The Net Skeptic

Welcome to the Net Skeptic Website. This site was created in the hopes of being a useful tool for journalists who use the Internet to gather information while reporting. It draws from principles of computer assisted reporting as well as from sites set up by other entities -- either private, educational or corporate -- to help journalists discern credible information from the not-so-credible.

Believe it or not
The Internet can be a valuable tool for journalists. It has the potential to quickly provide journalists with loads of information. It can also be the kiss of death for credible reporting. Jodi Cohen calls credibility the "Achilles heel" of the Internet in an Editor and Publisher article.

Credibility is the cornerstone for responsible reporting. Journalists "have an ethical obligation to ensure the information they report is accurate and credible." (Ketterer, 1998)

An "expert" must actually be knowledgeable in the field of which he is speaking in order to be a valuable source. So a nuclear physicist would not be a valid source for a report on genetic engineering, for example. The source must also be reliable.

Finding the truth
The credibility of information relies on its authenticity as well as the authenticity of the source. Information from an anonymous source is more suspect than information from a source willing to go on the record.

But this is not new information for journalists. The same rules must be applied when judging the credibility -- the authenticity or veracity -- of information found online, whether on Web pages, in databases or in e-mail.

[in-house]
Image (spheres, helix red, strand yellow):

No gatekeepers
The online world differs from real world publications in that there are no gatekeepers, in the traditional sense of the word. Anyone with a rudimentary knowledge of computers can publish anything on the World Wide Web. Many books on Web publishing, including Laura Lemay's "Teach Yourself Web Publishing in 14 Days With HTML 4.0," are available from most bookstores.

There are no editors who decide what gets uploaded to the Web. There are no fact checkers or copy editors who go over Web pages with a finetoothed comb before they are published. Just as anyone with a computer and Web browser has access to online information after it is published on the Web, anyone with a computer and Web publisher has access to put information on the Web. This has been called the "Joe from Dubuque" phenomenon (Johnson and Kaye, 1998).

Because of this arrangement, the Internet can be a repository of misleading information and bad advice (Wellman et al, 1996). Some argue that the strength of the Internet as an untamed frontier for anyone to express any opinion is also the main weakness for online credibility (Johnson and Kaye, 1998).

Be careful
Newspapers, by their nature, become a public record when published. This is not true of Web documents. Consider Web sites maintained by partisan political groups, special interest groups and religious organizations. All publish information on the Web, but is it all true? What about the Web site published by the National Association for the Advancement of White People?

When determining the credibility of information online, the journalist should take into account the information itself as well as the source of the information. There is a difference between search and research.

Finding the truth. A grain of salt. Rumors and hoaxes.
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